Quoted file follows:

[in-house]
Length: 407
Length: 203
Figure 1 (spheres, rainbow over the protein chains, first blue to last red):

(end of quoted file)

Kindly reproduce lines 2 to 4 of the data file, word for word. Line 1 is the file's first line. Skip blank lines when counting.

Length: 407
Length: 203
Figure 1 (spheres, rainbow over the protein chains, first blue to last red):